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Open standards group to beat Microsoft at its own game
Government lobbying, here we come
IGF The first "dynamic coalition" resulting from the Internet Governance Forum (IGF) has vowed to get governments interested in adopting open standards for both hardware and software.
A panel, which included academics, business, and standards bodies argued its case in Athens, where one of the aims of open discussions between different groups has been to get like-minded people together.
Sun Microsystems government policy head Susy Struble warned of "technical hooks" being embedded into standards, where companies suddenly claim controlling rights to widely adopted protocols, and argued that government's proper role in developing standards needed to be understood. "A truly open standard provides for the highest level of competition," she said. "It provides more equitable access, and wider, global interaction."
Meanwhile, Yale Information Society Project head Eddan Katz argued that people tend to overlook the power governments have on standards - not only in the purchase and widespread use of the chosen technologies, but in the huge databases of information built by governments using particular formats.
What no one at the launch - which included the head of technology at the Library of Alexandria, Professor Magdy Nagi, Daniel Dardieller from W3C, and Free Software Foundation Europe president Georg Greve - would say, however, was that the initiative is hoping to take Microsoft on at its own game, namely, persuading governments of the advantages of its software.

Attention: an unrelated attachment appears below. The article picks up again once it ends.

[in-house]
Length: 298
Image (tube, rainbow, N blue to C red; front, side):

Ever since Linux was officially promoted as a threat to Microsoft's enormous global software reach, representatives from the software giant have gone to extraordinary lengths to promote the Microsoft software model with governments across the world. The drive has been very successful, and despite numerous reports praising the advantages of open source software, governments have tended to stick with what they know.
It is this inertia that the "Open Standards Workshop Organisers Form Coalition" hopes to fix.
"Governments talk about open standards in general terms," explained Jamie Love from the Consumer Project on Technology. "It's one thing to agree, but quite another to implement it."
Struble gave recent examples of the Danish government and the State of Massachusetts' decision to use the open document format (ODF) as models.
The group therefore aims to produce a best practice guide for governments in moving to open standards. The process will begin with a "data collection phase" starting immediately and continue with a Yale University symposium on the issue on 3 February. ®